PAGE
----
And praise God – the new therapy began to work! Illia is making real improvements. Previously confined to a wheelchair, he’s now beginning to walk. His seizures have decreased and he can speak more easily. He’s off medication, and only returns to Vinnitsya for massage treatment.
Our long-term investment
When staff members Yulia and Sasha went to visit recently, they saw all Illia’s improvement. But Yulia could also see he was tired, and walking was painful. New orthopedic supplies are expensive, so Yulia mentioned the need to another staff member, who tracked down some braces a relative no longer needed. With them, Illia can walk a little longer and with less pain.
We’re so thankful for everyone who prayed for Illia! Now that his health is improving, Stella wants to enroll him in a special school. School would be wonderful for Illia, but getting a placement for him will be difficult. We appreciate your continued prayers about this.
We’re so thankful to God for this corner turned in Illia’s young life, and for your prayers on his behalf!
A community is only whole when it doesn’t leave its most vulnerable members behind.
Nastya, an orphanage graduate with an intellectual disability, attends our life skills lessons at her trade school. At the Day Center, no one makes fun of her, she is accepted for who she is, and she experiences the love and warmth of our staff. She is a warm, caring person.
We’ve known Nastya for five years, and she loves the weekly craft lessons at the Day Center. Recently, after a day of learning macrame, Nastya gave her project as a gift to staff member Lena.
This sweet wall hanging—and the generous heart behind it—is a good reminder of why we help orphanage graduates. It’s not out of pity. Rather, these young people have just as much to offer as those who grew up in families. But without support, their gifts remain hidden. We’re so glad Nastya is part of the Last Bell community!
PS: For many years, our friends atMission to Ukraine have been transforming a post-Soviet culture to make a place for those with disabilities. They are a bright light in our city!
Last Bell Summer Camp is a crash course in joyful belonging where the love and compassion just keep pouring in. When we play, eat, and talk together, day after day, our orphan students and orphan parents grow exponentially.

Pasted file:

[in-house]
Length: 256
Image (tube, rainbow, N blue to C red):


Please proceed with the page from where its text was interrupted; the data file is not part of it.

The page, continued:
Oksana is a graduate of Stop the Cycle who volunteered at camp last year. She went to youth camp several times, and Stop the Cycle camp with her husband. At camp Oksana decided to follow Jesus, which she calls “the most true and important choice” in her life.
Oksana’s life always changed after camp, especially at family camp, she said, “where I studied raising a child, building a relationship with one’s husband, and getting to know God.” She was drawn to the lives of our Christian staff. “I received from them a lot of love and warmth, which was unusual for me.”
As a child, Oksana felt like the whole world was against her. But at camp, her heart was softened by the love and attention she received.
For Oksana, volunteering was "a blessing from God... I saw how the girls arrived all loaded up with their problems, and how they flourished at camp and their attitude toward their children changed in a couple of days."
So many other orphaned youth and orphan-parented families experience joyful belonging for the first time at summer camp. And you make it possible!
Oksana: For mothers, these camps are especially important, because those who haven’t had a good example of family life don’t know how to raise a child. In this camp you can learn and understand how to love your children, how to spare the time to help them, how to deal with various problems.
Why is camp important for students?
Oksana: In this place you begin to feel needed, to hear a lot about God and God’s love for you, to meet teenagers who are like you, to learn good advice about how to build your life. And you establish relationships with leaders who support you after camp. There is time to rest and to reevaluate your life.
Orphanage graduates who’ve experienced trauma… who’ve been neglected and abused… who feel alone and uncertain… who need help to raise their young children… everyone belongs. Last Bell summer camp is specially designed for our orphaned youth. They are accepted and loved just as they are.
We recently shared a story about orphanage graduate Vadim, who had eye surgery thanks to Last Bell’s friends. It was at summer camp last year that Vadim began to learn about belonging in Last Bell’s community.
“After evening meetings,” Vadim said, “I had the opportunity to ask the leaders the questions I was interested in… I more and more understood that I needed to change my way of thinking, my environment, my attitude to life and people in general.”
Camp helped Vadim make some important choices. He began working, renting an apartment, and going to church with our staff. In his own words, Vadim “became a more open and happy person.”
The most important thing about camp, Vadim said, was “a friendly atmosphere… where you are appreciated, accepted, and loved as you are… I learned that God loves me not because of what I’ve done, but just because.”